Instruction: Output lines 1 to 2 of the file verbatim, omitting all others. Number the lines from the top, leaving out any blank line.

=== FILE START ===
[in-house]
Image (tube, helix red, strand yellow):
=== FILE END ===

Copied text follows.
[in-house]
Image (tube, helix red, strand yellow):